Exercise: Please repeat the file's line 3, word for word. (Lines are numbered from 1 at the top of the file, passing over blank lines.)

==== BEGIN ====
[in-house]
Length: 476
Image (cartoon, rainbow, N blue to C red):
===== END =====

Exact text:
Image (cartoon, rainbow, N blue to C red):